Zach Johnson, a part-time member of the Homeless Access Team at the time, was frustrated that the county’s hotels were largely inaccessible to the city’s unsheltered population—the people, like Little, who were sleeping outside. He began participating in mutual aid efforts in the city and had been eyeing the mostly vacant Sheraton Hotel, just off the Greenway, as a possible option for temporary housing. On the morning after Lake Street burned in late May, following the police killing of George Floyd, Johnson and another activist, Rosemary Fister, visited the hotel and arranged rooms with the owner for the first 20 people who arrived. 

“The thought wasn’t that we were going to run an anarchistic, utopian, harm-reduction shelter,” Johnson said. The idea was to move people inside. The National Guard would be deployed by curfew that night, effectively turning the streets of Minneapolis into a war zone, and the hundreds of unhoused people across the city were in danger of becoming casualties. Government workers, too, were going around to the nearby encampments to offer emergency hotel stays before the curfew fell, where they encountered volunteers from the Sheraton offering free rooms and food for the homeless just down the street. By the next morning, more than 100 people were inside; over the following week, the numbers continued to climb.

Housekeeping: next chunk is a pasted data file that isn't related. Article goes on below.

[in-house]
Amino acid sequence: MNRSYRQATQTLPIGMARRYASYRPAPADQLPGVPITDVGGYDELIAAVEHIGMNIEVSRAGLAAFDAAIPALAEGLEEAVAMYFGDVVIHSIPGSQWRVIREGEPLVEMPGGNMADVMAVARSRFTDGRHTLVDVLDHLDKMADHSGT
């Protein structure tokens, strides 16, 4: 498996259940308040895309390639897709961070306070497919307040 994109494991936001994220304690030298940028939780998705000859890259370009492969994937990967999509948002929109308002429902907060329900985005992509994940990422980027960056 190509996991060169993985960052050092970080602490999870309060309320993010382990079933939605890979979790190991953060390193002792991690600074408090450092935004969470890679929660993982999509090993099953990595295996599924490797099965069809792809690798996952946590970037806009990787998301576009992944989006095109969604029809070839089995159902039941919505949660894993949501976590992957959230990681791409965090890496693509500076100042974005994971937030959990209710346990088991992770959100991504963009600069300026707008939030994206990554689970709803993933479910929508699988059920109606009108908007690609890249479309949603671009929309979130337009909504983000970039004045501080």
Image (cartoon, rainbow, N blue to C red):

At the Sheraton, organizers and volunteers committed to a leaderless and nonhierarchical structure, and designated the hotel an explicitly abolitionist space where police were not welcome. Word of its existence spread quickly: Some residents showed up after hearing about it at a local resource center, or on the street, as Little did. Elected officials and philanthropic donors were curious to see what was happening. A Facebook page was made for the “Sanctuary Hotel,” a volunteer shift signup form was circulated, and a GoFundMe raised over $200,000. 

The aspirations of the project soon ran up against the increasingly urgent needs of residents and the relative inexperience of volunteers. Little, while staying at the Sheraton, became active in the mutual aid project; she attended volunteer meetings, picked up linens, and took out the trash. She walked the halls checking in on people. “It was organized as best as it could be,” she said. “It just seemed like the negativity came about too much.” There had been a few overdoses; fights broke out on occasion. The volunteers, mostly untrained, grew overwhelmed, along with the people staying there.